Apollo aimed to determine once and for all how exposure to a wide variety of media and marketing tactics influence purchases by tracking consumers' combined media and purchasing habits in a single-source database.
In and out of home
The effort used Arbitron's Portable People Meters to track a wide variety of media exposure in and out of home among member's of Nielsen's household panel, who scanned all of their purchases. But although the service attracted seven major package-goods backers -- most notably charter client Procter & Gamble Co. -- Apollo was unable to win sufficient client commitments to foot the substantial cost of a national rollout.
Arbitron and Nielsen sank more than $45 million combined into the program in the form of losses and upfront investments, based on financial disclosures by the publicly held Arbitron, which owned half the joint venture. That includes what Arbitron Chairman-CEO Steven Morris said on a conference call Feb. 14 would be a $4 million charge for his company's share of the costs to shut the program down.
P&G, the client at whose urging Apollo was initiated, was believed to have fronted another $20 million to launch it in 2005, according to one person familiar with Apollo. A P&G spokesman called that number "way high," but declined to specify the contribution.
"We respect the decision," the P&G spokesman said, "but we're disappointed Project Apollo will be discontinued, and we remain committed to finding new methods to help us make effective and efficient consumer-centered media decisions. We had seen encouraging benefits from Apollo during our involvement, but we were still in the process of making our final decision."
The tens of millions spent on the experimental program is a princely sum for market research. P&G, believed to be the world's biggest spender on market research, spends about $200 million annually worldwide for all of its survey research.
First scaled back in 2006
The move comes about a week ahead of the March timetable Mr. Morris has laid out for a final decision on Apollo. Backers already had scaled back plans in 2006 to a pilot in about 6,000 households from original plans for a 50,000-household national program.
Apollo was ambitious enough that coverage of it jumped beyond the often insular world of market research, garnering coverage in The New York Times magazine and Business Week.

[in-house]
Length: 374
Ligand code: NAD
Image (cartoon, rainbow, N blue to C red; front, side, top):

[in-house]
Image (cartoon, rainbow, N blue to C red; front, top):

The program was a prime example of P&G's "connect and develop" approach to innovation through outside partners. Its kickoff in late 2004 was one of the rare times, also including a 1998 summit on internet marketing, when it hosted competitors at its Cincinnati headquarters.
Ultimately some other stalwarts of package-goods marketing, including Unilever, Kraft Foods and SC Johnson, also became Apollo clients.
At one point in early 2005, backers were seeking commitments of 0.5% of clients' marketing budgets for the program, according to people familiar with it. That would have amounted to seven-figure commitments for any marketer spending more than $200 million annually and eight-figure commitments from the biggest spenders.
"Everyone recognized from the outset what an ambitious effort we were undertaking," Mr. Morris said in a statement.
Susan Whiting, exec VP of Nielsen, said, "We have learned a great deal from Project Apollo."
Continue to mine data
And, indeed, the learning can continue for at least a while as clients will be allowed to continue to mine data generated by the program since its pilot began two years ago, said an Arbitron spokesman.
In an effort to build interest among a broader range of clients, Apollo backers had released data in recent years that had piqued curiosity, if it didn't ultimately open wallets sufficiently.
A project last year demonstrated conclusively what researchers long had believed based on prior research -- that TV ads really can reduce consumers' sensitivity to price and price promotion.
Another project in 2006 for a P&G brand, believed to be Tide, showed that concentration of a brand's target consumers can vary widely even within different programs in narrow media classifications, such as women's cable programming. Then again, it also showed the "Brand X" in question was already doing a remarkably good job of identifying those media buys.